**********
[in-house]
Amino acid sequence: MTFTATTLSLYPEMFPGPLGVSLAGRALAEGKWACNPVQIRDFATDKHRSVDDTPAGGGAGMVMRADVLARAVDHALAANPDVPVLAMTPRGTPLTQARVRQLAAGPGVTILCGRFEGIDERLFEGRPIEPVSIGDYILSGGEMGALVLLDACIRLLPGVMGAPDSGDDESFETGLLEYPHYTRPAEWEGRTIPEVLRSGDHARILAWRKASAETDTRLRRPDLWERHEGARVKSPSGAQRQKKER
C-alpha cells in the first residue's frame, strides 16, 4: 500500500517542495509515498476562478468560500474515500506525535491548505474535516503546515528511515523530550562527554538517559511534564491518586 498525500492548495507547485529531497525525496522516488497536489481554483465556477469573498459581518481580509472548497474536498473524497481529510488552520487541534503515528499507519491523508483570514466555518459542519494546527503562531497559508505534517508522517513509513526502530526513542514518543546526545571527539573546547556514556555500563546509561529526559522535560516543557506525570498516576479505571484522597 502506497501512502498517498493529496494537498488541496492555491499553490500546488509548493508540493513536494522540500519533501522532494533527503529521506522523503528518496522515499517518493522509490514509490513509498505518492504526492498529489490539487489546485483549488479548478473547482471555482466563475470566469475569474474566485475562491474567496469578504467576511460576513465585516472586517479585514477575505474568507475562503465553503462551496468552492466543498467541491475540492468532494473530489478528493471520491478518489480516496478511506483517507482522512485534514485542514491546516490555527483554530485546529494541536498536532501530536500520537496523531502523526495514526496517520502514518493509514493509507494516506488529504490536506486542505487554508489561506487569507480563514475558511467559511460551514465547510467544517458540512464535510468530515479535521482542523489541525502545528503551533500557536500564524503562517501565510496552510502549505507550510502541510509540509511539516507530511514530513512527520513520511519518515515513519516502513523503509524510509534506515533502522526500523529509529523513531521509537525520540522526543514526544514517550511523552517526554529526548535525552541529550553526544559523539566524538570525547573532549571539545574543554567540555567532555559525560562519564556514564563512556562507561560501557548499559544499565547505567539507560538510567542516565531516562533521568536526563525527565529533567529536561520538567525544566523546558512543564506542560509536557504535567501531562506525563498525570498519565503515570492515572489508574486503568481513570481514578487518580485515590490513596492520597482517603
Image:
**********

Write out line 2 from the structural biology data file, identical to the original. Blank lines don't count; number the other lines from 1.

Amino acid sequence: MTFTATTLSLYPEMFPGPLGVSLAGRALAEGKWACNPVQIRDFATDKHRSVDDTPAGGGAGMVMRADVLARAVDHALAANPDVPVLAMTPRGTPLTQARVRQLAAGPGVTILCGRFEGIDERLFEGRPIEPVSIGDYILSGGEMGALVLLDACIRLLPGVMGAPDSGDDESFETGLLEYPHYTRPAEWEGRTIPEVLRSGDHARILAWRKASAETDTRLRRPDLWERHEGARVKSPSGAQRQKKER